Summer Solstice Sweet Corn

Everyone has their own “quintessential” summer food.  If yours is a fruit or vegetable, there’s a pretty good chance that Terra Firma grows it:  Tomatoes, Peaches, Watermelon, and of course, Sweet Corn.
Sweet corn is not easy to grow organically.  There are several reasons, but one might come as a bit of a surprise:  Corn seed does not like to be cold and wet.  Despite the fact that it is widely grown in much of the U.S. and the world, it is native to what is currently Mexico and the desert southwest.  For most of its cultivated history, it was grown primarily in warm, arid regions using irrigation.
To grow it in more temperate areas, it has to be planted during the spring when the soil is cold and rain is frequent.  This is just as true in Northern California as it is in Ohio or Iowa.  Cold soil slows down the germination of the seed, giving root maggots and other pests more of a chance to eat the seeds under ground.  Heavy rains make matters worse, causing the seeds to rot.
Conventional farmers avoid these problems by buying seed that is coated with fungicides and insecticides that organic farmers are not allowed to use.  Organic farmers must use untreated seed, or seed that is coated with natural compounds that purport to protect the seed.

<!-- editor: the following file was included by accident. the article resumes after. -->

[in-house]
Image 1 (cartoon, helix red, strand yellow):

At Terra Firma, we simply don’t plant corn if there is rain forecast in less than 7 days, which is about how long it takes the seed to sprout.  Once the seedling emerges, the rain doesn’t hurt it.
This year, the seven-days-of-dry planting rule meant we missed several of our usual planting dates.  But it worked out okay in the end, because the corn we planted in early March grew so slowly due to the cold weather that it matured almost three weeks later than it should have.   The corn I seeded at the end of March is ripening right on its heels.
We like to try to have our first Sweet Corn for you by the “unofficial start of summer”, i.e. Memorial Day, but at least we made it in time for the official start date.  Enjoy.
Happy Summer Solstice,
Pablito

 

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